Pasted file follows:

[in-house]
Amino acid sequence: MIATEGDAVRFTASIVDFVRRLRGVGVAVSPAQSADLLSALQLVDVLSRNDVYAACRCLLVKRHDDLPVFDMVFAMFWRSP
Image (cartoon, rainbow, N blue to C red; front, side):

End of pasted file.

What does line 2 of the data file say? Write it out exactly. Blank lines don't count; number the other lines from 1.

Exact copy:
Amino acid sequence: MIATEGDAVRFTASIVDFVRRLRGVGVAVSPAQSADLLSALQLVDVLSRNDVYAACRCLLVKRHDDLPVFDMVFAMFWRSP